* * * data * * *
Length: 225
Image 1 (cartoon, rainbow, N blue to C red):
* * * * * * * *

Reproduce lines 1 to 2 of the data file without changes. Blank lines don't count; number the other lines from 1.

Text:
Length: 225
Image 1 (cartoon, rainbow, N blue to C red):